The use of electrical nerve stimulation through two tiny holes in the skin has been shown to be effective in the management of a form of headshaking in horses.
Currently, there are no consistently safe and effective methods for the treatment of headshakers.
The condition, a neuropathic facial pain syndrome, often leaves affected horses impossible to ride and dangerous to handle, and can result in euthanasia.
The new study, the findings of which have been published in the Equine Veterinary Journal, found a treatment called percutaneous electrical nerve stimulation (PENS) could reduce signs of the condition in horses.
The same PENS therapy is used in people to manage neuropathic pain.
Headshaking syndrome is when a horse shakes or jerks its head uncontrollably for no apparent reason. There are striking clinical similarities between facial pain syndromes in people, most notably trigeminal neuralgia.
The study, led by clinical academics from the University of Bristol’s School of Veterinary Sciences who were working with the neurology team at Southmead Hospital Bristol, aimed to find out if PENS therapy, developed by Algotec Research and Development Ltd, was safe, effective and sustainable for the management of trigeminal-mediated headshaking in horses.
Seven horses diagnosed with trigeminal-mediated headshaking were recruited to the trial.
All procedures were carried out in sedated horses with a needle-prick sized area of skin desensitised with local anaesthetic to help probe insertion.
A disposable PENS probe was placed just beneath the skin next to the nerve under ultrasonographic guidance.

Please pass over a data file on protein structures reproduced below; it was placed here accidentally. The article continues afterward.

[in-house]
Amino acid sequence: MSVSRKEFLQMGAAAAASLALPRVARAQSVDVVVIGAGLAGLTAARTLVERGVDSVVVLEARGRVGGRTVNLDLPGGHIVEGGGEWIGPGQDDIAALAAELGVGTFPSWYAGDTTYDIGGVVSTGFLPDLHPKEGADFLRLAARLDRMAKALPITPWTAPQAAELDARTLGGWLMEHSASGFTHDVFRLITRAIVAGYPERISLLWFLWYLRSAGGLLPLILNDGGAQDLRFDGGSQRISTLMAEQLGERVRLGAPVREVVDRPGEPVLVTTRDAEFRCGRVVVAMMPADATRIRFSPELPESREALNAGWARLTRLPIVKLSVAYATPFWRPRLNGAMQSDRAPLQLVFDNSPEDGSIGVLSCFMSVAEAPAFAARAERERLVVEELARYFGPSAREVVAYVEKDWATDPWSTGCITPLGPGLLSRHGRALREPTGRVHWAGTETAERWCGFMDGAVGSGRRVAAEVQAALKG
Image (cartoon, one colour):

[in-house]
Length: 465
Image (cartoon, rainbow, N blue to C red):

The nerve was stimulated for 25 minutes following a protocol of alternating frequencies and a perception threshold based on human clinical data.
The probe was removed and the procedure repeated on the other side. Three or four treatments were used during the protocol, with treatments being repeated when signs of headshaking recurred.
All horses tolerated the procedure well.
Three horses developed a haematoma at the site on one occasion and two had increased clinical signs for up to three days following first treatment.
Six horses responded well after the first treatment and returned to ridden work at the same level before headshaking began. Five horses continued to respond to further treatment.
“Headshaking in horses is a major welfare issue and can be a significant cause of distress,” said study leader Veronica Roberts, senior clinical fellow in equine medicine in the University’s School of Veterinary Sciences.
“Although it is clear that further work is required, including increasing the number of cases and refining the treatment procedures, the study shows that PENS therapy should be the first-line treatment for trigeminal-mediated headshakers, which have failed to respond to conservative treatment, such as nose-nets.”
Headshaking is thought to affect between 10,000 and 20,000 horses in Britain.
The study was funded by Algotec Research and Development Ltd and the Langford Trust for Animal Health and Welfare.
“Neuromodulation using percutaneous electrical nerve stimulation for the management of trigeminal-mediated headshaking; a safe procedure resulting in medium term remission in five of seven horses”, by Roberts V L, Patel N K, Tremaine W H published online in Equine Veterinary Journal.